Moreover, CCMC'S reliance on the trial court's definition of "retirement" is misplaced. Retirement is a status which distinguishes individuals who have achieved it from the class of active employees. Allied Chemical & Alkali Workers v. Pittsburgh Plate Glass Co. (1971), 404 U.S. 157, 180-81, 30 L. Ed. 2d 341, 92 S. Ct. 383; see also Bidlack v. Wheelabrator Corp. (7th Cir. 1993), 993 F.2d 603, 609.
The view that retirement is a status distinct from active employment has been adopted in Illinois. ( Nolan v. City of Granite City (1987), 162 Ill. App. 3d 187, 191, 514 N.E.2d 1196, 1200, 113 Ill. Dec. 185 ("retirement customarily is understood to mean having attained an age at which further regular employment is not contemplated"). For examples of statutory definitions: The Employee Retirement Income Security Act of 1974 (ERISA) defines a "pension plan" as one which "provides retirement income to employees." (29 U.S.C. sec. 1002(2)(A)(i) (1988).) ERISA's minimum vesting standards provide that "each pension plan shall provide that an employee's right to his normal retirement benefit is nonforfeitable upon the attainment of normal retirement age." (29 U.S.C. sec. 1053(a) (1988).) The Judges Retirement System of Illinois makes benefits available to a judge "whose employment *** is terminated, regardless of age or cause", and conditions pension eligibility upon the participant "not receiving or being entitled to receive *** any salary from an employer for service currently performed." 40 ILCS 5/18-124(4) (West 1993).
Retirement is not exclusively the act of concluding one's employment, but is also a status based on age and length of service which distinguishes an employee from the class of active employees. Moreover, the act of retirement is itself neutral, and may be either voluntary or mandatory. (See Vance v. Bradley (1979), 440 U.S. 93, 99 S. Ct. 939, 59 L. Ed. 2d 171; Massachusetts Board of Retirement v. Murgia (1976), 427 U.S. 307, 96 S. Ct. 2562, 49 L. Ed. 2d 520.)Therefore, the fact CCMC discharged Dow does not preclude a finding that she "retired" from her employment and is entitled to all retirement benefits, including her sick-day bonus.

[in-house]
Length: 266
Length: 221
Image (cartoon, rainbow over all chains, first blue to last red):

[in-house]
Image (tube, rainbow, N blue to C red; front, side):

A contract is ambiguous if it is susceptible to more than one meaning. ( Bishop v. Lakeland Animal Hospital (1994), 268 Ill. App. 3d 114, 644 N.E.2d 33, 205 Ill. Dec. 817.) Normally, where the trial court determines that an ambiguity exists, its subsequent construction of the contract will not be disturbed on review unless it is against the manifest weight of the evidence. ( Myers v. Popp Enterprises, Inc. (1991), 216 Ill. App. 3d 830, 576 N.E.2d 452, 159 Ill. Dec. 783.) In the instant appeal, however, the trial court made no finding of ambiguity, and we owe no such deference to its contract interpretation.
However, had there been an ambiguity resulting from CCMC's failure to clarify or designate precisely the meaning of the term "retire," such ambiguity would be construed against it and in Dow's favor, particularly given the incongruity of Dow's receiving pension benefits upon her retirement while being denied sick-day retirement benefits.
The Interest Act provides that prejudgment interest may be awarded where, as here, the amount due is liquidated and readily ascertainable. (815 ILCS 205/2 (West 1993).) Such interest will be calculated from the date of Dow's retirement from CCMC, December 15, 1992, when she became entitled to the sick-day benefit, to this date. 815 ILCS 205/2 (West 1993).
In its petition for rehearing, CCMC argues, for the first time, that Dow was not an employee at the time she retired and was, therefore, ineligible for a sick-time retirement bonus. We find that CCMC has waived this argument by failing to raise it prior to its petition for rehearing. (134 Ill. 2d R. 341(e)(7), and (f); see also Groark v. Thorleif Larsen & Son, Inc. (1992), 231 Ill. App. 3d 61, 596 N.E.2d 78, 172 Ill. Dec. 799.) We note, however, that on the very day Dow's employment was terminated, she requested her "pension benefits," invoking her retirement status on that date and not "retroactively" as suggested by CCMC. *fn2
For the reasons set forth above we reverse the grant of summary judgment in defendant's favor and enter judgment for plaintiff in the amount of $9,166.08, plus prejudgment interest, pursuant to Supreme Court Rule 366. 134 Ill. 2d R. 366.
RIZZI and TULLY, JJ., concur.